Maine Retiree Takes Cemetery Under Her Wing
MELISSA BLOCK, host:
Around the country, many small town cemeteries are struggling with routine maintenance. It can be difficult just to get the lawn moved, let alone care for gravestones. Patty Wight has the story of one woman in Maine who has taken it upon herself to clean the grime off thousands of gravestones.
PATTY WIGHT: The South Buxton Cemetery in Bar Mills, Maine, feels well, cheery. It's the gravestones that do the trick. Gleaming white, they all look brand new. But take a closer look and many are cracked, crooked or completely tipped over. It's soon clear that many of these are old - hundreds of years old. But they've been scrubbed clean by 71-year-old Isla Estabrook.
(Soundbite of scraping)
WIGHT: Five to six hours a day, most days of the week, you can find Estabrook here, working quietly by herself.
Ms. ISLA ESTABROOK (Retiree, Maine): Most of these stones, you couldn't even read the inscriptions on when I started.
WIGHT: Today she's cleaning the cemetery's oldest section. It dates back almost 250 years in this former mill town. Tucked away in a corner, it feels dreary even on a bright, sunny day. Dark streaks rain down the gravestones, which are nearly covered with blotches of black and green lichen.
(Soundbite of scraping)
Ms. ESTABROOK: It's really not for the average old lady, I expect.
WIGHT: First Estabrook uses a putty knife to remove as much lichen as she can.
Ms. ESTABROOK: You can take a brush or whatever have you, something that won't injure the stone.
WIGHT: She says it's the black lichen that's most tricky.
Ms. ESTABROOK: It's not that thick, but it's tenacious, I'll tell you that.
WIGHT: Spry, tan and sturdy, Estabrook looks at least a decade younger than her 71 years. As she cleans, her body is in constant motion, bending, squatting and scrubbing.
Ms. ESTABROOK: See, I'm in pretty good shape, and this certainly has kept me in better shape, I'll tell you that.
(Soundbite of pouring liquid)
WIGHT: Once she's removed the lichen with a putty knife, Estabrook pours a bleach solution into a bucket.
(Soundbite of brushing)
WIGHT: She brushes it onto the stones to take off the remaining grime. It sounds easy, but it's a process she must repeat over and over and over again, taking off one layer at a time.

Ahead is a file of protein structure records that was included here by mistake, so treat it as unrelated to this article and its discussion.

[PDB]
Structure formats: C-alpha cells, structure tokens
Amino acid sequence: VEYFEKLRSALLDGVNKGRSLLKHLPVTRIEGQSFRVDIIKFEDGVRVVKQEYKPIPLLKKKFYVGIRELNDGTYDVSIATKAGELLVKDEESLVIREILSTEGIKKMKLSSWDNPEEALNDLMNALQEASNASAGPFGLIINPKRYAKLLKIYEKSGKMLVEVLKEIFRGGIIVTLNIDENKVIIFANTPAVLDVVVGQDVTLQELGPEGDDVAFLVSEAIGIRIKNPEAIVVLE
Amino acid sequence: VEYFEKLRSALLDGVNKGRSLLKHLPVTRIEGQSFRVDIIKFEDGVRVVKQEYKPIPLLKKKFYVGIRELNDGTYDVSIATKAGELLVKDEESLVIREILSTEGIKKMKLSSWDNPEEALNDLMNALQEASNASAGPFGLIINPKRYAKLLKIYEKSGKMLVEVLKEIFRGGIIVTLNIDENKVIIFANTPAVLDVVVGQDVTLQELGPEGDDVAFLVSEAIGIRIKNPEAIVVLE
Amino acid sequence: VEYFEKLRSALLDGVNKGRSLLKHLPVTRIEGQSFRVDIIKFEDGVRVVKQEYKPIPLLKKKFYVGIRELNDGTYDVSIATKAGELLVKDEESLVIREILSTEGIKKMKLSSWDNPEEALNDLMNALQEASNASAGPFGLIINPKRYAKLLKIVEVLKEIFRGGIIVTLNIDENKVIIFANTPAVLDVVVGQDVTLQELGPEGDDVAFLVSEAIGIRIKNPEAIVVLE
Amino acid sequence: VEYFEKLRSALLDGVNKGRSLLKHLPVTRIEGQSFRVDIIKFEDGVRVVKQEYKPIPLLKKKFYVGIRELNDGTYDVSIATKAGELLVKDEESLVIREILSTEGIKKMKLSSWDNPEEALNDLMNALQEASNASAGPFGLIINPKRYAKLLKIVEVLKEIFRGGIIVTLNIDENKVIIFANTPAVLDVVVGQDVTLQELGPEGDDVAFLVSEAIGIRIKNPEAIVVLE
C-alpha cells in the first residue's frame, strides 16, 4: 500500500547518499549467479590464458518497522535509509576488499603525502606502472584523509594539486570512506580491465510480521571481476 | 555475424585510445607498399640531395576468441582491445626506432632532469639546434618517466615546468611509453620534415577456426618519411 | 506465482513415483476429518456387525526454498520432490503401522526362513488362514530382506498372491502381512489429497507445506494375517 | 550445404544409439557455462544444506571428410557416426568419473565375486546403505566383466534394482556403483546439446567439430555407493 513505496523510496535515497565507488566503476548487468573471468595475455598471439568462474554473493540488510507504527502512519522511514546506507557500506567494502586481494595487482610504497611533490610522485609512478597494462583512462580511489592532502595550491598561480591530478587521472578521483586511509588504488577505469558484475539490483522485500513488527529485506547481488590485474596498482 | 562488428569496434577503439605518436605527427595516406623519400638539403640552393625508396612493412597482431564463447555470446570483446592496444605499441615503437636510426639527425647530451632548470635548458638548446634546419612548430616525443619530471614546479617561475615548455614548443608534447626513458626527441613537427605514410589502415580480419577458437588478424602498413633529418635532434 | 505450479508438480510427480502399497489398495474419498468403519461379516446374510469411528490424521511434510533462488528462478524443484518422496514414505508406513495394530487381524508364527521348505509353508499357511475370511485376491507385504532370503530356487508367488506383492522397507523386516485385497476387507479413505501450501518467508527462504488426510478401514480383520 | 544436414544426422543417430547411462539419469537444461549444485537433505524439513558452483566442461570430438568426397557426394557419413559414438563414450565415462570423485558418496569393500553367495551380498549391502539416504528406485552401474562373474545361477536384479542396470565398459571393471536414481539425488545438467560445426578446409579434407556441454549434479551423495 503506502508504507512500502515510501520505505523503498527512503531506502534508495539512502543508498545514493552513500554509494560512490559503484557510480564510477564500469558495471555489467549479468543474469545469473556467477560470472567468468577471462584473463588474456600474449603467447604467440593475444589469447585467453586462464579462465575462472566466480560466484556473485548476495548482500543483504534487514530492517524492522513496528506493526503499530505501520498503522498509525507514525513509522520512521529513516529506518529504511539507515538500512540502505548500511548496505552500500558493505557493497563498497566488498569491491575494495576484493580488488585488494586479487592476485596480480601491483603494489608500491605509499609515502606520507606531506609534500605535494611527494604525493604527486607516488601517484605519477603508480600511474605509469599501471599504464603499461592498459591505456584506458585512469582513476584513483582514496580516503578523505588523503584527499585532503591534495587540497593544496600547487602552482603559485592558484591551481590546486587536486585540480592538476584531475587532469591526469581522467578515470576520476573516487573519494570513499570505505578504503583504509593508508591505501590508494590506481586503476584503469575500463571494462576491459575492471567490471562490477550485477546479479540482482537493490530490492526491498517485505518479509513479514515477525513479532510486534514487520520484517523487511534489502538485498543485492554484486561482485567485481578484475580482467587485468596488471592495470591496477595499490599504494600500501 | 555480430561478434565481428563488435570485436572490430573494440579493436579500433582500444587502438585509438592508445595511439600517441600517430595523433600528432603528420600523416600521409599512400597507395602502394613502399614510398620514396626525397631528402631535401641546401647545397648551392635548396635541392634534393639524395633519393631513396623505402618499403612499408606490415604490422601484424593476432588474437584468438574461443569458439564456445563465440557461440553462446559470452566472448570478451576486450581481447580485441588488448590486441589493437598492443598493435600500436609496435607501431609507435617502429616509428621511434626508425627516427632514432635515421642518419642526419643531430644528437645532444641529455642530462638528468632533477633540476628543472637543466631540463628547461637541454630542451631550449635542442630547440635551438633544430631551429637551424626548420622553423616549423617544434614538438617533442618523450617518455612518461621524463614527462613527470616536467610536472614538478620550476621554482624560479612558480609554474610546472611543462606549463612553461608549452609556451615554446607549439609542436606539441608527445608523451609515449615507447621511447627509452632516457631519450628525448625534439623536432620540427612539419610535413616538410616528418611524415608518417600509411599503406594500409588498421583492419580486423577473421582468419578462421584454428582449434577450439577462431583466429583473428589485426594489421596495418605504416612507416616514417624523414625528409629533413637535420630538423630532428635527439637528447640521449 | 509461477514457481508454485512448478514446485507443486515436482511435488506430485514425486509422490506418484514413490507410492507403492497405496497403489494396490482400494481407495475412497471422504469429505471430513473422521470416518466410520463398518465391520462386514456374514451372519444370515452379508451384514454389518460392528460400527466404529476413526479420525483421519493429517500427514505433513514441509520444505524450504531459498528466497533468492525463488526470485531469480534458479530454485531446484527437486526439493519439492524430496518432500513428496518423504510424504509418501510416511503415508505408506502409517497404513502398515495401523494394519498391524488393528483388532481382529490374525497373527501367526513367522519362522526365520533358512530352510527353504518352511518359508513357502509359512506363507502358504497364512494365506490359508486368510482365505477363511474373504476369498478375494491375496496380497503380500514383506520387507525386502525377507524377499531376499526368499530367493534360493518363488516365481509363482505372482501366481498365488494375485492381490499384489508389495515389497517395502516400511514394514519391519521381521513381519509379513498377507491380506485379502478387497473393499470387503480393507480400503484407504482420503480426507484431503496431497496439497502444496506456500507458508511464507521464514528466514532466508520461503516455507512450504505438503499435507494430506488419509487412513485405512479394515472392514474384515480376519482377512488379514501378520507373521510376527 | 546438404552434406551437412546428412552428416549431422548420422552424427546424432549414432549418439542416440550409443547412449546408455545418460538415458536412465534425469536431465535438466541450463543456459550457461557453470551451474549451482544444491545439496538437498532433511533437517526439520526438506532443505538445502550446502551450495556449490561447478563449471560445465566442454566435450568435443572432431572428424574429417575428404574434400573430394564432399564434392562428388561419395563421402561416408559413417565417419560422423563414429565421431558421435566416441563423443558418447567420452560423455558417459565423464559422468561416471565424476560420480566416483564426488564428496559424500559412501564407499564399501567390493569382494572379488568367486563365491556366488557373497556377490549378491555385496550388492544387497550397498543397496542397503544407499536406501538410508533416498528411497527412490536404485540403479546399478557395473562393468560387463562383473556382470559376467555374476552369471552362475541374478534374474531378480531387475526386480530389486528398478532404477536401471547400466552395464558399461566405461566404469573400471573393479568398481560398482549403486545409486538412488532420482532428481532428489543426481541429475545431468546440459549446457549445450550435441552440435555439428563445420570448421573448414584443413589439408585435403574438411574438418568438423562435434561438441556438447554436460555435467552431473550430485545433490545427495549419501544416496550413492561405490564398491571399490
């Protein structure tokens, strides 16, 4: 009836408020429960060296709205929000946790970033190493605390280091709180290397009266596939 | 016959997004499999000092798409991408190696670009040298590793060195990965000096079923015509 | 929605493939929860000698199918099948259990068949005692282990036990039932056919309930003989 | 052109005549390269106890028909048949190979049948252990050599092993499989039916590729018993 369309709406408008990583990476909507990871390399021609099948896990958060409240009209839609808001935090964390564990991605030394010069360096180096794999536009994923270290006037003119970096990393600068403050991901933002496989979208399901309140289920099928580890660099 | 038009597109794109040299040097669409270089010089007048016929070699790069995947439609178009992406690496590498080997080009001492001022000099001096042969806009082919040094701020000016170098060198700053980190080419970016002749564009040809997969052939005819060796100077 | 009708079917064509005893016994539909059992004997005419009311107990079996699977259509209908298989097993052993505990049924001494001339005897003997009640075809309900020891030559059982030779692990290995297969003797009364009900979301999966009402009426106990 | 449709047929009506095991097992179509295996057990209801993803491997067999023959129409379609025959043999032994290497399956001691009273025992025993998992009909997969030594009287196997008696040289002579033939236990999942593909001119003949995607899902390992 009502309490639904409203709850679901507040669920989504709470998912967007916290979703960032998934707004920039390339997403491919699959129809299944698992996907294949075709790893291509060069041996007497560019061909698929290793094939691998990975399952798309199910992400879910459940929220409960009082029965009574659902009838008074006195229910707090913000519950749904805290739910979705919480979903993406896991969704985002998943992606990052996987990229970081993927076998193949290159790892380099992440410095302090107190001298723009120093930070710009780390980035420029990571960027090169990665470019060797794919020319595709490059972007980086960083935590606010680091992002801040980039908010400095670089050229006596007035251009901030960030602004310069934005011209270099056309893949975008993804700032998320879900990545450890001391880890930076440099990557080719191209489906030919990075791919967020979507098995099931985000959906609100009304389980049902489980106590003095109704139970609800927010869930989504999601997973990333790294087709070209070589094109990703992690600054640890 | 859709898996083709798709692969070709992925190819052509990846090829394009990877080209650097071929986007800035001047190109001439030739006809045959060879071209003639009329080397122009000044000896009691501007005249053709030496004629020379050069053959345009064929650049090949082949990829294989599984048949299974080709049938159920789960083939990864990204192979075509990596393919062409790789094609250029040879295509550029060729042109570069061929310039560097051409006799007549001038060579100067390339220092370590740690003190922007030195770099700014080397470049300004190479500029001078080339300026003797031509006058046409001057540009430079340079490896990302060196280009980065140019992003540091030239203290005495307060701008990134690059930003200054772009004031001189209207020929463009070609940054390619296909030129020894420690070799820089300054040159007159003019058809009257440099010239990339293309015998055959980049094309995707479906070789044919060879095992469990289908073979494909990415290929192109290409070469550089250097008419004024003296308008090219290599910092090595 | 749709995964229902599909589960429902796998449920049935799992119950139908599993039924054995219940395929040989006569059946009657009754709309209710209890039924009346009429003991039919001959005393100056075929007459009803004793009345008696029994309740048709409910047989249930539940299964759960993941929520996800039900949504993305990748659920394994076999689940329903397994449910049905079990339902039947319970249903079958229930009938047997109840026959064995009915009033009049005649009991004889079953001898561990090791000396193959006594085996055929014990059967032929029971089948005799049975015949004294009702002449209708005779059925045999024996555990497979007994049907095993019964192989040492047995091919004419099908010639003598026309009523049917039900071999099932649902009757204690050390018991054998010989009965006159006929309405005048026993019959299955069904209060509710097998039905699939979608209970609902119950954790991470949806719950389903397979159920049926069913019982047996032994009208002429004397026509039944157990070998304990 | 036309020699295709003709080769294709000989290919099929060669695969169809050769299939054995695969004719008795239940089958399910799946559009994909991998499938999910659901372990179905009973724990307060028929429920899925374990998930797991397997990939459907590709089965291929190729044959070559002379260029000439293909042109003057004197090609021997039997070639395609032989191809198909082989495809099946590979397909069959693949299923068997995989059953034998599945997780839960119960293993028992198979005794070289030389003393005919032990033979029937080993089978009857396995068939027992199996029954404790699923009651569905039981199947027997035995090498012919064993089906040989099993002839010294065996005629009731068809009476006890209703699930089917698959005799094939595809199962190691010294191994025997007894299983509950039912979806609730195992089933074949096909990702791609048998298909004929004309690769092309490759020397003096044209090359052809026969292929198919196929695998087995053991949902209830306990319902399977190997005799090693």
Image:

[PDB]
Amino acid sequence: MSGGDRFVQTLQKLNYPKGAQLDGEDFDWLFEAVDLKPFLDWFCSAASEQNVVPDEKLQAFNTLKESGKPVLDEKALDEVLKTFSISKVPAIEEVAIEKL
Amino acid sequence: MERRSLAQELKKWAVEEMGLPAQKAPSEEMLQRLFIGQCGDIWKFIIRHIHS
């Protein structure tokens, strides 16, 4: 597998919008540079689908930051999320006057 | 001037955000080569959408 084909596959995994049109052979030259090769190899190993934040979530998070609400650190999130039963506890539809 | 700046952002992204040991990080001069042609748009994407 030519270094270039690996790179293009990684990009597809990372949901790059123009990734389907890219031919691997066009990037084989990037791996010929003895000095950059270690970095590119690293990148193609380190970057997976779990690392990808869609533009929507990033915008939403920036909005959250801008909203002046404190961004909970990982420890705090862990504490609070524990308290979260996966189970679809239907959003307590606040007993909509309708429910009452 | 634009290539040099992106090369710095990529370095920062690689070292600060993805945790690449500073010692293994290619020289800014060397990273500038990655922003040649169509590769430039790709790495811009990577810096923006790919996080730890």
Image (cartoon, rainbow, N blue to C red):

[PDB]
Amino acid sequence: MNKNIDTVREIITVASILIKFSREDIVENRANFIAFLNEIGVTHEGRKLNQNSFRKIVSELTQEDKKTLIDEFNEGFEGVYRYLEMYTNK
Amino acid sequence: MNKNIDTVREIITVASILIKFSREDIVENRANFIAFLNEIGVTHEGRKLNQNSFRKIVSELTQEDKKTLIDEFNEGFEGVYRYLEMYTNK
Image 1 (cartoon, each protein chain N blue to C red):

Ms. ESTABROOK: Whew, it takes hours and scrub, scrub, scrub.
WIGHT: Estabrook started doing this a little over a year ago. She first got the idea while working as a nurse. A coworker cleaned gravestones, and that planted the seed for Estabrook. But it was the death of her best friend two years ago that got her started. She cleaned the 100 or so gravestones in the cemetery where her friend was buried, then she moved here to the South Buxton Cemetery.
Ms. ESTABROOK: Because I have so many relatives buried in here - my great-great-grandparents, my great-grandparents, my grandparents, my mother - a lot of family in here.
WIGHT: Now, Estabrook says, it's an obsession. Since last fall, she's cleaned about 1,000 gravestones. She says cemeteries are relics that don't get the appreciation they deserve.
Ms. ESTABROOK: We're living here today because of these people who are lying here, and they deserve something.
(Soundbite of hose)
WIGHT: After a few coats of bleach solution, Estabrook uses a hose to rinse it off the stones. These stones still need some serious scrubbing, but Estabrook says she doesn't think too much about the work that lies ahead.
Ms. ESTABROOK: If I looked at this whole cemetery and said I'm going to clean it, I'd have said are you nuts? I mean, this is a big cemetery. But you know, you start. You start at the beginning, and then you keep going, and I intend to this whole thing if I last that long.
WIGHT: With at least 3,000 more gravestones to go, Estabrook says that will take at least three to four years.
For NPR News, I'm Patty Wight in Bar Mills, Maine.